TMCNet:  Should you pay FPL's $9.95 a month for surge protection?

[July 29, 2011]

Should you pay FPL's $9.95 a month for surge protection?

Jul 29, 2011 (The Miami Herald - McClatchy-Tribune Information Services via COMTEX) -- In mailings sent this month to its millions of customers, Florida Power & Light offered "invaluable peace of mind" through a new power surge protection plan for their major home appliances such as air conditioners and refrigerators. Cost: $9.95 a month.

Is it worth it? "No," says Richard Kithil, president of National Lightning Safety Institute, an independent advocate of lightning safety based in Denver.

Miami electrical contractor Jim Clark of Benson Electric agrees. "I wouldn't get it, because I already have protection." Both he and Clark use another type of device -- a device that attaches to the circuit breaker panel with surge protection at a one-time cost of about $300 -- to protect their houses against power surges.

But in the mailing to customers, FPL Product Manager Joe Nestor says the FPL device offers "superior protection" with "thousands of dollars in potential savings." An analyst at the state office that represents utility consumers calls it "a legitimate service." Surge protection is a key issue in Florida because the state receives more lightning strikes per year than any other state, according to federal records, and lightning is the overwhelming cause of voltage surges.

("But your state is not 'the lightning capital of the world,' as Florida newspapers often claim," says Kithil. That honor goes to Kigali, Rwanda, which gets annually about three times as many thunderstorms, the forces that create lightning.) All utilities -- including FPL -- work hard to protect their grids against lightning, which otherwise would create havoc with the power. In the past year, FPL's service territory was hit by lightning 190,000 times, according to spokesman Mark Bubriski.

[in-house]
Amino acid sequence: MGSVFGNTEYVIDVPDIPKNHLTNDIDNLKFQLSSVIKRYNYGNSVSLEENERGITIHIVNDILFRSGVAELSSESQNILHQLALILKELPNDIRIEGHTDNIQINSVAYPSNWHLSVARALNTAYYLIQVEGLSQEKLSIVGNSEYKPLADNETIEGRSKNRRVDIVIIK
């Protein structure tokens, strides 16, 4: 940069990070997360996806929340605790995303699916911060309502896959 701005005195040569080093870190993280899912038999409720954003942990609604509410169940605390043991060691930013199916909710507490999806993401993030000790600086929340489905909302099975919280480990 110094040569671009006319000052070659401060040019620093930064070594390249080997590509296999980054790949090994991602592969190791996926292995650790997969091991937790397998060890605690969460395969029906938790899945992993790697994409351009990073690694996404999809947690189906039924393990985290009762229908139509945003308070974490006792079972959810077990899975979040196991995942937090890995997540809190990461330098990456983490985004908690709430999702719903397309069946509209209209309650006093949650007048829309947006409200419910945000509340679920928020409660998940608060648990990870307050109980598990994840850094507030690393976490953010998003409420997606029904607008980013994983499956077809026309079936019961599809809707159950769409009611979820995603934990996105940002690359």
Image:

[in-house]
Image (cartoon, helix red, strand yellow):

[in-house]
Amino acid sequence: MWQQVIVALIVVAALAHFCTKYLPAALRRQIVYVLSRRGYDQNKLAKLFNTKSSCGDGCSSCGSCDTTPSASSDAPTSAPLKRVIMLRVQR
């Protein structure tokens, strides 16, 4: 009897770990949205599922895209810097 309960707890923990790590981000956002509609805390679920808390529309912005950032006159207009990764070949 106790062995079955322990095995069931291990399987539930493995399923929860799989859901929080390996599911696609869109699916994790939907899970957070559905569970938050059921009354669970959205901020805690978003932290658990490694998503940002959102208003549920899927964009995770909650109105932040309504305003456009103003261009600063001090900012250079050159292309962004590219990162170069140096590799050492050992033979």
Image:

FPL tries to protect substations and transformers from surges, says Bubriski, but it has no way of guaranteeing a home won't be hit by a surge.

Earl Poucher, chief legislative analyst of the Office of Public Counsel, which represents Florida utility customers before state regulators, says state law protects power companies from being responsible for appliance damage caused by their service. Customers call the Public Counsel all the time, complaining of surge damage. On rare occasions, the customers can prove intentional negligence on the part of the utility -- such as not fixing a transformer that the company knew was a problem -- but the vast majority of customers never get a penny.

Associate Public Counsel Charles Rehwinkel says regulators could require utilities to be responsible for damages in the home caused by power surges, but since their rates are based on their expenses, everybody's electric bills would increase to pay for the losses of a few.

Many major utilities offer home surge protection. Progress Energy, the state's other big electric company, sells surge protection for an installation fee of $44.95 and then $5.95 a month. FPL offers free installation for its SurgeShield, but then wants $9.95 a month.

In the FPL-offered program, the protection devices attach to the electric meter on the house. This is an unregulated product, offered by a subsidiary of FPL parent NextEra Energy called FPL Energy Services. The fine print says SurgeShield is not backed by FPL, but there's a guarantee against damage.